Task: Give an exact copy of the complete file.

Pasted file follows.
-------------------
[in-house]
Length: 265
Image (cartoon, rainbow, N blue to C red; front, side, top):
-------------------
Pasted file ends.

[in-house]
Length: 265
Image (cartoon, rainbow, N blue to C red; front, side, top):